I Am Not An Economist, Nor Is Warren Buffett

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Warren Buffet is going to have to turn in his cool kids club card.

While technically not an economist, Mr. Buffett has amassed enough of a fortune, and developed enough of a reputation in the investment world, that liberals have been quick to parade his endorsement of Barrack Obama out when anyone dared question the acumen behind the administration’s economic recovery efforts.

Until now.

Speaking to CNBC on Monday, Buffett related the current economic situation to Pearl Harbor, saying that we are in an economic war, and not so subtly adding that the crisis the Democrats keep talking about as an opportunity not to be missed is shameful.

“(We’ve) heard this comment recently from some Democrats recently that a `crisis is a terrible thing to waste,” Buffett said. “It’s, in my view, it’s an economic war, and–I don’t think anybody on December 7th (1941) would have said a `war is a terrible thing to waste, and therefore we’re going to try and ram through a whole bunch of things and- but we expect the other party to unite behind us on the- on the big problem. It's just a mistake, I think, when you've got one overriding objective, to try and muddle it up with a bunch of other things.

What Buffett fails to recognize is that this has been the Democrats plan all along. They’ve just advanced it at a quicker pace than many thought possible due to the initial overwhelming support for the President (Hope!). While Buffett gives their intentions the benefit of the doubt, he does not agree with the treatment of the GOP, which the left has attempted to label as a party of no.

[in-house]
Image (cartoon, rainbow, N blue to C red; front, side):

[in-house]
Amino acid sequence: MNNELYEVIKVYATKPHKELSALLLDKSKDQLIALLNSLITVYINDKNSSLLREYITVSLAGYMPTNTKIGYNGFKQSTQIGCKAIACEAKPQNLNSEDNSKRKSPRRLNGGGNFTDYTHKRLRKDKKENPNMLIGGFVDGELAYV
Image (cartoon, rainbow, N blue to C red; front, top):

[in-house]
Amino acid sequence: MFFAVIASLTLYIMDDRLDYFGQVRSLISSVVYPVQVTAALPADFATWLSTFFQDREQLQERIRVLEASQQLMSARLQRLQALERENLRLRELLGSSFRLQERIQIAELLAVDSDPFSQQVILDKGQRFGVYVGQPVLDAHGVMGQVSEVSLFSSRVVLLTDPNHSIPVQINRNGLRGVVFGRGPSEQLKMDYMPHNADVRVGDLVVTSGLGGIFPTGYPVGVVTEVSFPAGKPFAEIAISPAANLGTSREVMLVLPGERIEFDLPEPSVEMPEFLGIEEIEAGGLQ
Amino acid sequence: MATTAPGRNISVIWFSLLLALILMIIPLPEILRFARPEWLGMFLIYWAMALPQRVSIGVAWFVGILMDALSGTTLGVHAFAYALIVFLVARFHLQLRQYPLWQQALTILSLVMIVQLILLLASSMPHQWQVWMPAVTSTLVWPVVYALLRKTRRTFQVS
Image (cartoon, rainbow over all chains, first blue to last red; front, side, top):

“You can’t expect people to unite behind you if you’re trying to jam a whole bunch of things down their throat,” he said. “So I would–I would absolutely say for the–for the interim, till we get this one solved, I would not be pushing a lot of things that are–you know are contentious, and I also–I also would do no finger-pointing whatsoever.”

Strike two. And then came the big no-no in Liberal Land, the defense, or at least the calling off of the dogs on the former President. He even called him George. Really.

“I would–you know, I would not say, you know, `George’–`the previous administration got us into this,’” Buffett said while signing his liberal love death certificate. “Forget it. I mean, you know, the Navy made a mistake at Pearl Harbor and had too many ships there. But the idea that we’d spend our time after that, you know, pointing fingers at the Navy, we needed the Navy. So I would–I would– I would–no finger-pointing, no vengeance, none of that stuff. Just look forward.”

In the last week, Obama’s big name advisor has called into question the Democrats ability to manage this economic crisis, the chairman of the Senate Finance Committee has questioned the honesty of Treasury Secretary Timothy Geithner, Nancy Pelosi threw out the idea of a second pork-filled stimulus package, and word came that Obama does not have the votes to pass his budget.

Most of this is being overlooked because the media cannot bother to talk about news, and the Dow had one of its starts Tuesday, gaining more than 5 percent.

Soon it will go back down as more government programs are proposed with no viable funding source. There will be more job losses, but we will continue to hear about how many jobs are saved or mythically created. Barring a miracle where the country rises up and stops this abhorrent taxation of achievers for the benefit of the non-contributors, there will be no light at the end of the tunnel. Not yet.

No, I am not an economist. Not that it matters anymore.

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